What is an aneurysm

What is an aneurysm?

An aneurysm is a permanent and localized dilatation in an artery; the affected artery loses the parallelism of its walls and dilates. We consider it to be an aneurysm when the diameter of the artery is 50% greater than normal. If it does not reach that figure, we speak of arterial ectasia.

Are there different types of aneurysms?

Most aneurysms are caused by arteriosclerosis, which is a degenerative disease of the arteries. But an aneurysm can also appear due to inflammatory causes or infection. Occasionally, trauma can also cause arterial dilatation.

Much rarer are the aneurysms that occur in certain connective tissue diseases such as Marfan’s disease or Ehler-Danlos disease.

What are the symptoms of an aneurysm and when should a specialist be consulted?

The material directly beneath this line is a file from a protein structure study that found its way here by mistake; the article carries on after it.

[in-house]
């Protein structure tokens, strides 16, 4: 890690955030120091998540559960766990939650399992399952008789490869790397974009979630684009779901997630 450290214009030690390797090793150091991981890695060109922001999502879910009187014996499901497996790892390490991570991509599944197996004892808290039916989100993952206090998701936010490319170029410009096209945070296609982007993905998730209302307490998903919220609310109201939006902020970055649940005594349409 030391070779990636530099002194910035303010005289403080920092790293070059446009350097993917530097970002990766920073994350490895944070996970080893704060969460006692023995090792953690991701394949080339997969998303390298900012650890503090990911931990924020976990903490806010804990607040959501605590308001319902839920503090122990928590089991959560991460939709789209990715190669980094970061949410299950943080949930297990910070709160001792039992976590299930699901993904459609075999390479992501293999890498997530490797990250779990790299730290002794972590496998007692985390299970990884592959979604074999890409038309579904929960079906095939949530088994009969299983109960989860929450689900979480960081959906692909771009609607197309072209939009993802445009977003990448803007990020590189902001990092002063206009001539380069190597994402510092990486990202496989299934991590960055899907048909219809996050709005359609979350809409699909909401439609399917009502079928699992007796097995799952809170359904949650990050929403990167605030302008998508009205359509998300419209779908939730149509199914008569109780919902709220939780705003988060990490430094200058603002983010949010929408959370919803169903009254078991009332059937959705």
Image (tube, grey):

Many aneurysms are asymptomatic and are only discovered on radiological examination for other reasons. This frequently occurs with abdominal aortic aneurysms diagnosed with ultrasound or CT that are done for urological or gynecological reasons, for example.

On other occasions the aneurysm produces symptoms, which are different depending on their location: those located in arteries of the lower extremities tend to cause acute thrombosis. On the other hand, aortic aneurysms, especially abdominal aneurysms, can rupture and cause severe internal bleeding that requires emergency surgery.

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The mere diagnosis of an aneurysm, even if asymptomatic, is reason enough to go to the vascular surgeon without delay.

Are there people who are more likely to suffer from an aneurysm?

Apart from the aforementioned patients with connective tissue disease, any patient with arteriosclerosis can potentially develop an aneurysm. There seems to be a certain familial predisposition in certain patients, although most of those diagnosed with aneurysm have no family history.

Can it be prevented?

The best prevention is that of arteriosclerosis. We should lead a healthy life, a Mediterranean diet, moderate exercise and avoid or control cardio-vascular risk factors: hypertension, diabetes, high cholesterol, obesity, sedentary lifestyle and, above all, it is essential not to smoke.